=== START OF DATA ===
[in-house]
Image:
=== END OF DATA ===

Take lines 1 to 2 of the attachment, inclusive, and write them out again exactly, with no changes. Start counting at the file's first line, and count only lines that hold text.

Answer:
[in-house]
Image: